28 June 1999
Appeared in BioNews 014It was against the background of increasing excitement about the therapeutic potential of stem cell and cloning technologies that the UK Government's Human Genetics Advisory Commission and the Human Fertilisation and Embryology Authority issued a joint report last December. They strongly recommended that the Government give the go-ahead for research using cloning techniques by tabling the necessary regulations to amend the workings of the Human Fertilisation and Embryology Act (1990). To the surprise of both supporters and critics of therapeutic uses of cloning, the Government last week delayed making a decision. But while both sides might have been surprised, there seems little doubt that it is the opponents of the new technology who have taken most comfort from the decision. Mark Nicholls of MATCH (Movement Against The Cloning of Humans) said: 'We're obviously delighted... this is one battle won, but the war is certainly not over.' Conversely, the biotech companies at the forefront of the work expressed their disappointment, and Lord Winston condemned the Government's decision as 'pathetic' and 'immoral'.
The Government has instead decided to set up an expert advisory group under the chairmanship of the Chief Medical Officer, Professor Liam Donaldson, to seek the views of a range of experts from across the world. The Government has taken the view that it wants to see more evidence of the clinical potential of such work before it gives the go-ahead.
However, there is already plenty of evidence that research using somatic cell nucleus replacement offers many benefits. Studies of stem cell differentiation could provide valuable information about the mechanisms of ageing or the causes of cancer. Creating an embryonic clone and then developing from that lines of particular stem cells offers the hope of developing immunocompatible tissue for the treatment of degenerative diseases of the heart, liver, kidneys and cerebral tissue. Further into the future, if such lines of stem cells could also be modified to repair genetic defects carried by the patient, then the treatment of diseases such as diabetes, leukaemia and many rarer genetic disorders could be revolutionised. It might be said in response to this list of possibilities that they are just that - possibilities. But as Professor David Latchman, vice-chairman of the Parkinson's Disease Society's medical advisory panel put it: 'There is a paradox in this announcement. The Government says we need to see if this therapeutic research is likely to be valuable, but it's going to be quite hard to find that out without carrying out the research.' As for practical therapies being a number of years ahead - that is certainly true. But thanks to the Government's decision they are now even further away.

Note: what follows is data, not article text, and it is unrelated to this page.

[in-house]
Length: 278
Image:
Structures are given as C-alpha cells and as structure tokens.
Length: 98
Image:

It would seem clear that the overriding reason for delay was the fear of adverse public reaction. After the BSE (bovine spongiform encephalopathy) fiasco and the more recent and ongoing difficulties with the GM (genetically modified) food issue, the Government is playing it safe, taking the view that it is necessary to pause in order to allow public debate. But the debate is familiar indeed. The usual objections will be raised by those opposed to all reproductive and genetic technologies. When the Human Fertilisation and Embryology Act was passed in 1990, the conservative philosopher Roger Scruton penned an article entitled 'Embryo Farmers: the children of Mengele'. If six years of debate didn't move him then, it won't now. The case against using cloned embryos in research made from this quarter today is essentially the same as the argument made against the use of all embryos in research and in IVF treatments back then. And the arguments in favour are very similar, too - a point the Government should note. As John Harris puts it: 'If it is acceptable to produce spare embryos in pursuit of successful pregnancy then it must be justifiable to produce them in pursuit of something plausibly of the same moral magnitude. Saving a life-in-being surely comes into that category.'
A more nebulous angst is also likely to surround the debate. The concern must be that rather than leading to clarification, a delay in allowing research and yet more study of the issue will merely encourage the view that there is something deeply troubling about this kind of work. Scientists, patients and supporters of the therapeutic uses of cloning technologies will need to ensure that they use the coming period to put across a different message: that therapies for many previously untreatable disorders are a real possibility if scientists are allowed to do their work.
John Gillott is policy officer at the Genetic Interest Group